The young girl, gazing intently at the beholder while tenderly holding a baby on her lap, is endowed with an almost inexplicably beguiling beauty. William Bouguereau was the quintessential successful academic painter. His canvases were in high demand by both European and American collectors, and his fame has been rekindled of late. Executed with extraordinary painterly skill, The Elder Sister is a sentimental scene for which the artist's daughter Henriette and son Paul served as models. Bouguereau has stripped them of all imperfections, portraying them as children with perfect features, dressed in clean garments, and posed against an idyllic rural background. The composition is unified and balanced, with the children’s arms and legs converging nearly at the center of the canvas. Bouguereau’s smooth paint application and diligent attention to detail result in an almost hyperrealistic representation. Although his works were originally inspired by classicism and antique idealism as transmitted through the works of the masters of the High Renaissance, images like this one present an emphatically Victorian ideal.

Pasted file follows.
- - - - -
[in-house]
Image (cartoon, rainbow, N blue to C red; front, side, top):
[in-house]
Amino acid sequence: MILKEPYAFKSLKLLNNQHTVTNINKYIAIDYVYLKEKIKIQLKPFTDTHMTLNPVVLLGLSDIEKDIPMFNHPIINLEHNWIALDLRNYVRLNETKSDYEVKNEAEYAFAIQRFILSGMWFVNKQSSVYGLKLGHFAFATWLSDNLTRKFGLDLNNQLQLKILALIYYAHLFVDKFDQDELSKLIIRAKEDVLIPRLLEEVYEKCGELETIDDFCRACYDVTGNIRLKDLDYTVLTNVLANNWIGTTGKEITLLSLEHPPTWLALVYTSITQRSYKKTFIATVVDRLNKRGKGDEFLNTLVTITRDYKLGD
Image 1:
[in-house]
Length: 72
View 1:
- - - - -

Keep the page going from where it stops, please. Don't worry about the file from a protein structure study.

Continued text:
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William Bouguereau, French, 1825–1905
The Elder Sister
Oil on canvas
51 1/4 × 38 1/4 in. (130.2 × 97.2 cm)
Credit Line

Gift of an Anonymous Lady in memory of her father

Current Location
The Audrey Jones Beck Building
Accession Number

[Goupil & Cie., Paris, November 5, 1869]; M. Mastenbrock, The Hague, from January, 1870; H. H. Roelofs Heyrmans, Rotterdam; [Boussod Valladon & Cie., The Hague, H. H. Roelofs Heyrmans Sale, April 9, 1902, lot 16, illus.]; Private collection, The Netherlands, 1902–1984; Private collection, Houston, until 1992; given to MFAH, 1992.